McCain, a senior Republican senator from Arizona and a regular critic of Trump as well as Russia, sent a letter to the president in which he urged him to provide lethal aid to Kyiv.
"That this surge of attacks began the day after [Putin] talked with you by phone is a clear indication that Vladimir Putin is moving quickly to test you as commander in chief. America's response will have lasting consequences," McCain said in the letter released by his office.
Trump has repeatedly expressed hope for improved relations with Moscow.
In Brussels, EU President Donald Tusk urged Russia to use its influence to "disengage the Russia-backed separatists" and to restore a cease-fire.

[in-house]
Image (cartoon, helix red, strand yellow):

The Ukrainian military reported two soldiers killed overnight on February 2 and 10 wounded in shelling in the government-held town of Avdiyivka, just north of the separatist stronghold of Donetsk. The separatists said one of their fighters was killed.
"Moscow was putting Avdiyivka on the brink of a humanitarian catastrophe," Poroshenko's statement said.
More than 9,750 people have been killed since the conflict in eastern Ukraine erupted in April 2014.